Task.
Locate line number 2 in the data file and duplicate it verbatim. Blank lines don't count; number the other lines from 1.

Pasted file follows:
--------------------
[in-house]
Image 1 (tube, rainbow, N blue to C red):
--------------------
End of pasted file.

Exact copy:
Image 1 (tube, rainbow, N blue to C red):